A space needs assessment at the West Tisbury School is on hold after the Up-Island Regional School Committee voted unanimously Monday to drop a request to fund the study.

The committee voted earlier this year to ask voters in West Tisbury, Chilmark and Aquinnah for their approval to split the $120,000 cost of the study, which would complement an already-completed assessment of the school’s energy needs. Officials previously said that the school needs a complete overhaul, from a failing roof to outdated energy systems.

Committee members reconsidered their decision on the space study last week and, at a special meeting Monday, agreed that because funding for actual construction is years away, a space needs study would be premature.

“We should wait a couple of years, and then start the process,” committee member Skipper Manter said.

“Obviously, it’s going to be done in the future,” Mr. Manter added later in the meeting. “We’re not ignoring the work.”

Committee members said they saw no other choice but to withdraw the warrant articles they had requested for the Aquinnah, Chilmark and West Tisbury annual town meetings this spring. The school district’s finances are already strained by roof work in West Tisbury and a major overhaul at the Chilmark School, while its administrative staff is also handling major projects at the Tisbury School and regional high school.

The committee also asked district finance director Mark Friedman to begin compiling data for an application to the highly selective Massachusetts School Building Authority (MSBA) reimbursement program for the West Tisbury school.

The regional high school now is nearing its final deadline for eligibility in the program, which reimburses up to 38 per cent of construction costs and provides expertise, purchasing assistance and other advantages the school could not afford on its own.

It took seven years of trying for the high school to reach this point, Mr. Friedman told the committee Monday night.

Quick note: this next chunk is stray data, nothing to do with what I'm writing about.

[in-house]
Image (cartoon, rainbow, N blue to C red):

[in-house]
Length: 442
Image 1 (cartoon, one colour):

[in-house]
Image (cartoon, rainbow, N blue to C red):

The MSBA typically receives about 90 applications a year from schools across the state, and usually accepts only about 10 to 12 of them, he said.

That number now is dropping due to increased construction costs, Mr. Friedman said.

“They’re expecting to take fewer than 10 schools [a year], at least in the near future, because each is expected to cost more,” he said.

An energy study conducted last year found the school is leaking heat through its walls, windows, doors and foundation. Working with West Tisbury energy consultant Mark Rosenbaum, a town task force developed a proposal to make the school energy-efficient and non-polluting for an estimated cost ranging from $26 million to $37 million.

Last year’s study did not include a space needs assessment, which Mr. Friedman said is not a prerequisite for applying to the MSBA program.

“They would update [it] anyway,” he said.

Monday’s vote followed a discussion at last week’s monthly meeting of the up-Island committee, which could not act on the matter because it was not on the agenda.

There was no other business on the special meeting agenda, but Chilmark School principal Susan Stevens told the committee that an electrical pump malfunction had left the school without water that day.

With a key to the nearby Chilmark Community Center and permission to use the bathrooms at the closed Chilmark Library, Ms. Stevens said students and staff got through the day while the electrical problem was repaired and the water tested for bacteria and acidity.

“It was totally repaired by 2:30 or so,” Ms. Stevens said.